Disclosure – Settle Album Review
Rating: Disclosure are an English duo specialising in Deep House and Electro. The group is made up of two brothers;...
Disclosure are an English duo specialising in Deep House and Electro. The group is made up of two brothers; Guy and Howard Lawrence. Their latest album “Settle” has been no.1 in the UK album charts and their biggest hit so far has been ‘White Noise’ which made it to no.2 in the UK top 40, and no.1 in the UK Dance chart. So let’s have a look at what the deluxe edition has to offer…
The album starts off with a track which is titled ‘Intro’. This acts as a prequel to ‘When a Fire Starts to Burn’. After the initial vocals the song drops into a funky electro beat. It falls quite nicely into the new Deep House movement which seems to be spreading around the bars and clubs. ‘Latch’ was the first single released off this album and features vocals from Sam Smith. It managed to achieve no.11 in the UK singles chart and paved the way for the excellent album on show here. The song is catchy, has a great beat to it and Sam Smith provides excellent vocals throughout. An all-round brilliant track. Following on is ‘F for You’. A fairly progressively repetitive song. Not a show stopper – but it acts as a bridge for what is to come next with White Noise.
‘White Noise’ is undoubtedly the most known track from this duo as it charted highly at no.2, only being beaten by Thrift Shop, and is constantly being played everywhere. It’s addictive beat and subtle vocals from Aluna George make this track smooth, slick and wonderful to listen to. ‘Defeated No More’ starts with an addictive beat which draws you into the vocals by Ed Macfarlane. It’s the longest song on the album at just over 6 minutes, but they manage to fill the time well with the beat progression and smooth vocals. ‘Stimulation’ is more up tempo than some of the other tracks heard so far with some glitchy vocals added in for good measure. A good all-rounder. ‘Voices’ features Sasha Keable on vocals, showcasing an excellent voice with the rather calming synths in the background. When the song drops into the funky electro rift, her voice compliments it perfectly.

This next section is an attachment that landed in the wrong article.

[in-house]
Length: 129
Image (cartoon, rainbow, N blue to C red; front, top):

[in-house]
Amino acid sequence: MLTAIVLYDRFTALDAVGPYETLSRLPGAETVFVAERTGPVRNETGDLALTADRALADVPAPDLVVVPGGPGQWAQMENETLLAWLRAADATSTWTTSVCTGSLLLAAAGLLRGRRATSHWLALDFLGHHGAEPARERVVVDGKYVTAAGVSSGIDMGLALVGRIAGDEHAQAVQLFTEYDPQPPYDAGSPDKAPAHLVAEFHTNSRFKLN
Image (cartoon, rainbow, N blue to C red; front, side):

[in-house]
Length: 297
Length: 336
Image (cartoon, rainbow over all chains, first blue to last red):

‘Second Chance’ is an incredibly mellow song with glitch vocals throughout. The slightly odd combination works to create almost a small interlude between the two halves of the album. I liked this a lot. ‘Grab Her!’ does sound menacing from the title but is instead an almost industrial sounding deep house electro track. It has a very odd combination of samples and synths which make it sound like they have trapped your ears in a pipe. ‘You & Me’ has the vocal talents of Eliza Doolittle and was the third single from the album. It managed to get to a peak of no.10 in the UK singles chart and no.6 in the UK Dance charts. I like the flow of this song as it takes you through various progressive synths with Eliza’s vocals pulling the track along. ‘January’ has vocals from Jamie Woon and adds to the very calm nature of this album. These songs are brilliant to chill out to, and this one in particular has a very soothing chord progression which is complimented by Woon’s voice.
‘Confess to Me’ has Jessie Ware on vocals and this track is by far the ‘heaviest’ here. It somewhat sticks out like a sore thumb compared to the calm nature of the album. It almost acts as a wakeup call before the end of the album. It does have some restful parts throughout, but the majority is upbeat. The final track on the album is ‘Help Me Lose My Mind’ with London Grammar providing the vocals. This song is by far my personal favourite on the album. Brilliant vocals, brilliant production and all round excellence make this song a joy to listen to. The simple beat in combination with echoing synths and hihats make the song effortlessly amazing. It rounds off the album perfectly. The deluxe edition CD features three extra bonus tracks; Boiling featuring Sinéad Harnett, What’s in Your Head and a remix of Jessie Ware’s ‘Running’. ‘Boiling’ is a very melodic number and fits well with the general album theme of soothing tracks. ‘What’s in Your Head’ has more glitch vocals on display giving a subtle chaotic feel but again the underlying melodic progressive beat keeps the track in line with the rest of the album. The remix of Running brings the original song into the style of all the songs on this record and it has totally been reworked from before.
The album as a whole is excellent as a chilled out record and offers a change in pace compared to how most people view dance/house music to be. It is a fresh and innovative approach to the world of deep house music. The stand out track for me is the collaboration with London Grammar on ‘Help Me Lose My Mind’. I hope they work together again in the future, and I also highly recommend London Grammar’s work.